McKinnon J. of the Ontario Superior Court of Justice recently released a decision arising from a Rule 21 motion for determination of a question of law, namely whether an insurer owes a duty to defend homeowners arising out of a homeowner's insurance policy. The claim against the homeowners arose after they sold their house. The purchasers alleged misrepresentation on the part of the homeowners for failing to disclose the condition of the property. Poplawski v. McGrimmon, [2010] O.J. No. 33.

What I found interesting in this decision is the very helpful overview of the law on an insurer's duty to defend. Here are a few paragraphs from this overview:

There is a three step process to determine whether an insurer has a duty to defend its insured:
(a) Are the plaintiff's legal allegations properly pleaded?
(b) Are any claims entirely derivative in nature?
(c) Do any of the properly, pleaded non-derivative claims potentially trigger the insurer's duty to defend?

In considering whether a plaintiff's allegations are properly pleaded, courts are not bound by the legal labels chosen by the plaintiff. When ascertaining the scope of the duty to defend, a court must look beyond the choice of labels and examine the substance of the allegations contained in the pleadings. This does not involve deciding whether the claims have merit: the court need only decide, based on the pleadings, the true nature of the claims. A plaintiff cannot change negligence into an intentional tort simply through the choice of words.

In considering whether any of the claims potentially trigger the insurer's duty to defend, where the allegations of negligence constitute a separate tort and are not an attempt to "dress" intentional conduct as negligence, the insurer will be under a duty to defend: see Godonoaga (Litigation guardian of) v. Khatambakhsh, [2000] O.J. No. 2172 (C.A.) at paras. 28 and 32.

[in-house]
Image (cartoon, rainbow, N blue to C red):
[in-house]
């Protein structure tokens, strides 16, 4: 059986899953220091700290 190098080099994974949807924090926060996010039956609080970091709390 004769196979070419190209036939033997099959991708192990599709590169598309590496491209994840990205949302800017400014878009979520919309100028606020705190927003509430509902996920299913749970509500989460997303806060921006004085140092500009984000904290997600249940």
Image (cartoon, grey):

If there is any uncertainty as to whether a claim falls within the applicant's policy coverage, the uncertainty must be resolved in favour of the insured: see Co-Operators General Insurance Co. v. Murray, [2007] O.J. No. 2329 (S.C.J.) at para. 6.
7 Hour Discovery Rule Interpreted

7 Hour Discovery Rule Interpreted

Justice Templeton has recently addressed the new so-called "7 Hour Rule" that limits examinations for discovery, J. & P. Leveque Bros. v. Ontario , 2010 ONSC 2312.

The issue on the motion was whether leave should be granted to the plaintiff to conduct an examination for discovery of the defendants for a period of time in excess of seven hours.

At paragraph 16 of her decision, Templeton J. writes: The interests of justice do not require that the concept of effective representation trump the concept of cost-efficient and/or expeditious justice or vice versa; but they do require that these factors be balanced both jointly and severally by all participants in the process.

She also adds at paragraph 20: I am also of the view that in circumstances in which the time limit agreed upon in the Discovery Plan has expired and counsel is at a crucial point in his/her examination on an issue central or germane to the case, flexibility ought to be brought to bear and that further time to a maximum of one hour to continue and conclude the examination would not be unreasonable in the circumstances.

At a paragraph 21: In cases involving multiple parties, I would expect the excess of one hour to be deducted from the time available for that same party to examine another party to the litigation. In other words, to ensure that effective and cost-efficient justice is realized, counsel must adhere to their agreement with respect to the total length of the examinations but where there is more than one party, a leeway of one hour past the allotted time for the examination of one of the parties would not be unreasonable provided it is recovered from the examination of another party. This
flexibility allows counsel to be effective and to prioritize but at the same time cost-efficient in
the overall process.

In conclusion she granted the plaintiff 19 hours to conduct the examination for discovery since it was a multi-party action involving a number of different issues.